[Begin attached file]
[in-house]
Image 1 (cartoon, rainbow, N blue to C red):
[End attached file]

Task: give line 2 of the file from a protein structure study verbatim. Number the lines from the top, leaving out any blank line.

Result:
Image 1 (cartoon, rainbow, N blue to C red):